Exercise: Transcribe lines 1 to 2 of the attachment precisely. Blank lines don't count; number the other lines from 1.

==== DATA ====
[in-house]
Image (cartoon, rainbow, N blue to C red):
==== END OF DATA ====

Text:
[in-house]
Image (cartoon, rainbow, N blue to C red):